Mainline And Christian


Interest in spirituality has hit mainline Christianity like a flood. Our experience with social justice has led us to see that outer change without inner change has little staying power and often leads to burnout for those devoting themselves to kingdom work. We are ready for a good dose of inner spiritual transformation. We want something capable of empowering authentic social change, something that can make sense in the context of our increasingly pluralist culture.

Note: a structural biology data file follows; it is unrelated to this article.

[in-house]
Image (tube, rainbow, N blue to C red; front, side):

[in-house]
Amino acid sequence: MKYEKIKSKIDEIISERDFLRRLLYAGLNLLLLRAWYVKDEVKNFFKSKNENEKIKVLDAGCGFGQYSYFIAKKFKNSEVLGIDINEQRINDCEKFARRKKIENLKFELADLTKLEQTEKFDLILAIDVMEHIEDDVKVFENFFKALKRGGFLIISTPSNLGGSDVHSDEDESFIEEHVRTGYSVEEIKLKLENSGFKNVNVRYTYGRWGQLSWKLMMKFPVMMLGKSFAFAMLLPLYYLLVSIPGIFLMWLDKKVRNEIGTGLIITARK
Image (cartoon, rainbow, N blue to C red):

Exploring spiritual formation in mainline churches often means experimenting with a wide range of spiritual and psychological practices. Mainline retreats often draw on themes from medieval mystics, and have workshops on the Labyrinth (a maze people walk through for enlightenment) or the Enneagram (a temperament schema with spiritual dimensions and Sufi roots). Some directors encourage various Buddhist practices to help us get in touch with our spiritual dimension. These practices are intended to expand our understanding of what it means to relate to God.